The scourge of conscientious parents in past generations, video games are now featured in college curricula and garner $90 million per year in broadcast rights.

Video games are also fertile territory for digital marketers to cultivate younger, tech-savvy customers.

Ad revenue through eSports is expected to hit $213 million in 2020, according to research from eMarketer, and audience reach is expected to rise to 46 million people by 2023. That’s more than triple the average viewership for the 2019 World Series.

The Interactive Advertising Bureau predicts eSports will eventually achieve “total domination” of live sports. We think they’re right.

“As 5G rolls out and every device becomes a real-time gaming device, the eSports domination will be complete – at least with younger audiences,” writes Eric John, deputy director of video with IAB.

Applying AR to Nudge Conversions

Speaking of 5G, CNET reports that Qualcomm expects the network to expand and go mainstream in 2020, when more than 200 million 5G smartphones will ship. With consumers receiving information up to 100 times faster than 4G, more advanced interfaces – and marketing opportunities – will be in the hands of consumers.

Enter the world of augmented reality (AR), where marketers can manipulate their target’s real-world surroundings to spark conversions. IKEA already has an AR app that lets online shoppers “place” potential new furniture in their homes. Trade website AR Post expects scores of other retailers to follow suit.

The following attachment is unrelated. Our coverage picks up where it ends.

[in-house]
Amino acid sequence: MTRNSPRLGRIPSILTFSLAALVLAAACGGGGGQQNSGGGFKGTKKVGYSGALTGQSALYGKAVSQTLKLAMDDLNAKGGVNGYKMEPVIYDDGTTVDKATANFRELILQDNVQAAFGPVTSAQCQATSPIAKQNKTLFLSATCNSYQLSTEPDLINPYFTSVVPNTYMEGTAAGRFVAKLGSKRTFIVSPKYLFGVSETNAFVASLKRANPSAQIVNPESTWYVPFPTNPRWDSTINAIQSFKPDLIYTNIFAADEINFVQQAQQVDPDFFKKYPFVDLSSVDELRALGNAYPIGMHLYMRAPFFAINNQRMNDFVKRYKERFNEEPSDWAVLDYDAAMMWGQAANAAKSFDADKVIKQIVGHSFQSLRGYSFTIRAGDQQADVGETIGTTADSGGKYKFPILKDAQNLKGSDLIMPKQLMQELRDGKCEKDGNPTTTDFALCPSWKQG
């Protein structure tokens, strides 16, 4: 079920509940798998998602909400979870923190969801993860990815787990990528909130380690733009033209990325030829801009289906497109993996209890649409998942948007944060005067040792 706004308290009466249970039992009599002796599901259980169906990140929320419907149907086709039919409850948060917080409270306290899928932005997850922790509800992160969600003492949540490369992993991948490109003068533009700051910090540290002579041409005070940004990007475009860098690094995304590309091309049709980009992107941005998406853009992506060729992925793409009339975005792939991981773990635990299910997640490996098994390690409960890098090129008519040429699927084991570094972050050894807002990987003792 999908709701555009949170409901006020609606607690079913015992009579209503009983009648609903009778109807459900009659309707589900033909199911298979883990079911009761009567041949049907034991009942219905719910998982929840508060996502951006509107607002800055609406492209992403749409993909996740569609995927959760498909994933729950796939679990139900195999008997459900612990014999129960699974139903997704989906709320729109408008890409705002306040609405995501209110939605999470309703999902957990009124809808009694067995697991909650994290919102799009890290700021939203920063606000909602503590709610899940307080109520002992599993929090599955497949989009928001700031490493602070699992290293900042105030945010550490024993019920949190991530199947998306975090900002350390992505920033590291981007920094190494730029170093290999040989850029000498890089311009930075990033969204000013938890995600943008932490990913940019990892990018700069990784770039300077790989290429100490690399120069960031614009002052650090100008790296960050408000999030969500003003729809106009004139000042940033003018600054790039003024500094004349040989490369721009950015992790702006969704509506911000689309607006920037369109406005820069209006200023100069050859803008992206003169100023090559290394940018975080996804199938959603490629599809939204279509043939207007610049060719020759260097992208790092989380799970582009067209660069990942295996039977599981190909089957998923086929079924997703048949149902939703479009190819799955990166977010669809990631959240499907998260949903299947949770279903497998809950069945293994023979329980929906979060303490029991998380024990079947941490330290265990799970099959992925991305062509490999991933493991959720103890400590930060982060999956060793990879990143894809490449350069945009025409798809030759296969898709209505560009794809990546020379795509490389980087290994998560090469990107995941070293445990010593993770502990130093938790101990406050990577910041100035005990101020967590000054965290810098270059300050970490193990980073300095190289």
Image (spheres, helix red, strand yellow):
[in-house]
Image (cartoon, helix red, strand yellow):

AR effects can also now be implemented in Facebook ad campaigns. Since AR is traditionally viewed more favorably by younger demographics, Business Insider believes deploying the technology over Facebook can be viewed as an experiment in older generations’ receptiveness.

Meanwhile, Statista projects Augmented and Virtual Reality ad revenue to hit $18.8 billion in 2020 – then surge to nearly $200 billion over the next five years. Familiarizing and tapping into those technologies now could prove pivotal for future profits.

(Good) Content is (Still) King

No matter what product you sell, service you offer, or website you plan to optimize, the materials you cultivate and craft to present your company’s story are essential for success.

And that comes down to content. Content is what consumers want. It’s also the commodity that few companies devote the resources to adequately cultivate.

“High-quality content allows you to show your expertise and communicate with your customers from a place of authority,” according to Forbes’ Marketing Trends for 2020. “Your content is also what search engines provide to searchers online, so continuing to produce high-quality content is a must.”

Search Engine Journal ranks high-quality, optimized content as one of its top SEO trends in 2020.  But for some, developing such content may entail deviation from traditional SEO paradigms.

According to Jesse McDonald, Global SEO Strategist for IBM: “The goal of switching the mentality to more of a topic-focus is to create content that addresses an entire conversation holistically, as opposed to just worrying about the single keyword a page should be targeting.”